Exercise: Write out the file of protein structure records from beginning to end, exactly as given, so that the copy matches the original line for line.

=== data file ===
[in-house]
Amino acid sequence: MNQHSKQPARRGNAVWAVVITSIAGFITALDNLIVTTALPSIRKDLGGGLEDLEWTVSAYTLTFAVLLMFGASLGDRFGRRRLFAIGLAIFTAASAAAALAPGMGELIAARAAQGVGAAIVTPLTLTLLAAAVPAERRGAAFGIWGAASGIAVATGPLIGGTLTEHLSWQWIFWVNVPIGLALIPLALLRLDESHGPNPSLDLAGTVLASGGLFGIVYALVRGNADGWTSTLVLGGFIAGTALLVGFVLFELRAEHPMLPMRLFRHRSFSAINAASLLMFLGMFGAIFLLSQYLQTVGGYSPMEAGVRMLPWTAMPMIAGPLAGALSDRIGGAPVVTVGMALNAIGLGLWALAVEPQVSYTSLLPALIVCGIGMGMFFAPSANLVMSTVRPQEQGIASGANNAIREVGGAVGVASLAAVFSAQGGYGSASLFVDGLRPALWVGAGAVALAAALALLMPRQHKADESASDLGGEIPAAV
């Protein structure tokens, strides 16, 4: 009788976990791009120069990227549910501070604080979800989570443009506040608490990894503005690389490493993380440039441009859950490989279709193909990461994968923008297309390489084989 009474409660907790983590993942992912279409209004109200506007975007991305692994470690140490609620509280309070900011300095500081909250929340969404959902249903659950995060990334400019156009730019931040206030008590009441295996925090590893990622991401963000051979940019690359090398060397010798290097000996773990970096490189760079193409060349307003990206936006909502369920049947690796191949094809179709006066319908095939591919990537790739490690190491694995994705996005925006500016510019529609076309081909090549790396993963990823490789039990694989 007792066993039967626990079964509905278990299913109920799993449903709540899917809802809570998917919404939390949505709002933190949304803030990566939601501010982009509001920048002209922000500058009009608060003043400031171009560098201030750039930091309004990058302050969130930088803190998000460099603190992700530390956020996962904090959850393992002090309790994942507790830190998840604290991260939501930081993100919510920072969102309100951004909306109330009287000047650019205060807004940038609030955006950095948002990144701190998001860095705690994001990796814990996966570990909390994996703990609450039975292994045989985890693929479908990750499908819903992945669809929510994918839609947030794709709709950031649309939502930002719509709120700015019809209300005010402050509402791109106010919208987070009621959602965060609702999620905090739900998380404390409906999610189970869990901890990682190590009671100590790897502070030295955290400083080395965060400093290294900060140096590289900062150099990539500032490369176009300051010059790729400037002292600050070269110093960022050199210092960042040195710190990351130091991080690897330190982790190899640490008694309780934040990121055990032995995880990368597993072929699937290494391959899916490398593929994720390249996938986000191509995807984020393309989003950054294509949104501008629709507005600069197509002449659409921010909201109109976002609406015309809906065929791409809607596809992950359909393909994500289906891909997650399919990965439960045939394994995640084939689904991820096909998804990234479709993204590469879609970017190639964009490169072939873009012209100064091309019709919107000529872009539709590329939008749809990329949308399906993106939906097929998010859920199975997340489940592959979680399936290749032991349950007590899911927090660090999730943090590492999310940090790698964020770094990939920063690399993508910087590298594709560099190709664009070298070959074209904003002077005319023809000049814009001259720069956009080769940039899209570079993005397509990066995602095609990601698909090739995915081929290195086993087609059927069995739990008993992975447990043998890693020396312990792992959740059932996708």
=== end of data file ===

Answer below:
[in-house]
Amino acid sequence: MNQHSKQPARRGNAVWAVVITSIAGFITALDNLIVTTALPSIRKDLGGGLEDLEWTVSAYTLTFAVLLMFGASLGDRFGRRRLFAIGLAIFTAASAAAALAPGMGELIAARAAQGVGAAIVTPLTLTLLAAAVPAERRGAAFGIWGAASGIAVATGPLIGGTLTEHLSWQWIFWVNVPIGLALIPLALLRLDESHGPNPSLDLAGTVLASGGLFGIVYALVRGNADGWTSTLVLGGFIAGTALLVGFVLFELRAEHPMLPMRLFRHRSFSAINAASLLMFLGMFGAIFLLSQYLQTVGGYSPMEAGVRMLPWTAMPMIAGPLAGALSDRIGGAPVVTVGMALNAIGLGLWALAVEPQVSYTSLLPALIVCGIGMGMFFAPSANLVMSTVRPQEQGIASGANNAIREVGGAVGVASLAAVFSAQGGYGSASLFVDGLRPALWVGAGAVALAAALALLMPRQHKADESASDLGGEIPAAV
């Protein structure tokens, strides 16, 4: 009788976990791009120069990227549910501070604080979800989570443009506040608490990894503005690389490493993380440039441009859950490989279709193909990461994968923008297309390489084989 009474409660907790983590993942992912279409209004109200506007975007991305692994470690140490609620509280309070900011300095500081909250929340969404959902249903659950995060990334400019156009730019931040206030008590009441295996925090590893990622991401963000051979940019690359090398060397010798290097000996773990970096490189760079193409060349307003990206936006909502369920049947690796191949094809179709006066319908095939591919990537790739490690190491694995994705996005925006500016510019529609076309081909090549790396993963990823490789039990694989 007792066993039967626990079964509905278990299913109920799993449903709540899917809802809570998917919404939390949505709002933190949304803030990566939601501010982009509001920048002209922000500058009009608060003043400031171009560098201030750039930091309004990058302050969130930088803190998000460099603190992700530390956020996962904090959850393992002090309790994942507790830190998840604290991260939501930081993100919510920072969102309100951004909306109330009287000047650019205060807004940038609030955006950095948002990144701190998001860095705690994001990796814990996966570990909390994996703990609450039975292994045989985890693929479908990750499908819903992945669809929510994918839609947030794709709709950031649309939502930002719509709120700015019809209300005010402050509402791109106010919208987070009621959602965060609702999620905090739900998380404390409906999610189970869990901890990682190590009671100590790897502070030295955290400083080395965060400093290294900060140096590289900062150099990539500032490369176009300051010059790729400037002292600050070269110093960022050199210092960042040195710190990351130091991080690897330190982790190899640490008694309780934040990121055990032995995880990368597993072929699937290494391959899916490398593929994720390249996938986000191509995807984020393309989003950054294509949104501008629709507005600069197509002449659409921010909201109109976002609406015309809906065929791409809607596809992950359909393909994500289906891909997650399919990965439960045939394994995640084939689904991820096909998804990234479709993204590469879609970017190639964009490169072939873009012209100064091309019709919107000529872009539709590329939008749809990329949308399906993106939906097929998010859920199975997340489940592959979680399936290749032991349950007590899911927090660090999730943090590492999310940090790698964020770094990939920063690399993508910087590298594709560099190709664009070298070959074209904003002077005319023809000049814009001259720069956009080769940039899209570079993005397509990066995602095609990601698909090739995915081929290195086993087609059927069995739990008993992975447990043998890693020396312990792992959740059932996708």